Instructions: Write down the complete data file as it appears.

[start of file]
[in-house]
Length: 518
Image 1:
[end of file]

[in-house]
Length: 518
Image 1: